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I need a changing value that can be manually stepped with step() that goes back and forth a min and a max, moving by speed every step().

This is my current code:

template<typename T> struct PingPongValue {
        T value, min, max, speed, dir{1};

        PingPongValue(T mMin, T mMax, T mSpeed) 
           : value(mMin), min(mMin), max(mMax), speed(mSpeed) { }

        void step()
        {
            value += speed * dir;
                 if(value > max) { value = max; dir = -1; }
            else if(value < min) { value = min; dir = +1; }
        }
};

Example:

PingPongValue v{0, 5, 1};
v.step(); // v.value == 1
v.step(); // v.value == 2
v.step(); // v.value == 3
v.step(); // v.value == 4
v.step(); // v.value == 5
v.step(); // v.value == 4
v.step(); // v.value == 3
v.step(); // v.value == 2
// etc...

I suppose there's a mathematical way to represent this as a branchless function, but I cannot figure it out. I tried using modulo but I still need a dir variable to change step direction.

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4  
((x / 5) * 2 - 1) is -1 or 1 if x is in {0,1,2,3,4} or {5,6,7,8,9}, respectively. –  R. Martinho Fernandes Sep 24 '13 at 10:03
1  
@R.MartinhoFernandes Yup. I wish there is a generic, short and sweet solution like this. –  thefourtheye Sep 24 '13 at 10:15
    
Oh, it fails for -1, though. I can fix that, but it gets a bit more convoluted. -(((x+5)/5) % 2 * 2 - 1) does it, but now one wonders if the branch is more or less costly. (wolframalpha.com/input/…*+2+-+1%29) –  R. Martinho Fernandes Sep 24 '13 at 10:17
1  
Arghh, broken link. wolframalpha.com/input/…. Anyway, the original looks highly branch-predictable to me... –  R. Martinho Fernandes Sep 24 '13 at 10:23
    
Is arithmetic on T exact? In particular, does speed exactly divide max-min ? –  MSalters Sep 24 '13 at 11:51

7 Answers 7

up vote 5 down vote accepted

You can do it with an array, something like this (WARNING: probably has off-by-one errors galore!):

int total_steps = 2*(max - min + 1)/speed; // this may be wrong -- have to double check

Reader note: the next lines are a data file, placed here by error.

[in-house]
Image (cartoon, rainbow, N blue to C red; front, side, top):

T steps[total_steps];
for(int i = 0; i < max - min; ++i)
    steps[total_steps - i] = steps[i] = min + i*speed;

Then you can use modulo total_steps to step through the array forever.

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Yes there are off by one errors but trying to solve them without testing would be too dangerous ;) Testing is a must in this case but of course this is up to the OP. –  leemes Sep 24 '13 at 10:31
    
Thanks, this is a good solution in my use case. If I need floating point precision I'll just use the branched version, as, according to the other answers, it's easily predictable by the CPU. –  Vittorio Romeo Sep 25 '13 at 12:34
    
@VittorioRomeo - this should work for floating point steps as well. It's basically just a mapping of 0...total_steps - 1 to min..max..min by increments (then decrements) of speed - these min, max and speed values can be double's. –  Paul Evans Sep 25 '13 at 13:01

I'm not a fan of "branchless" algorithms, as many times they're just used "because branching is slow", and in that case, IMO it's the optimizer's job to find a faster way.

Nevertheless, you could use comparisons, as bools yield either 0 or 1 when converted to an integral type. Whether that's branchless depends on the architecture AFAIK.

value += speed*dir;                           // allowing over-/underflow
value += (min-value)*(value<min) + (max-value)*(value>max);  // clamp
dir   += 2* ((value==min) - (value==max));    // set dir

SSCCE:

template<typename T> struct PingPongValue {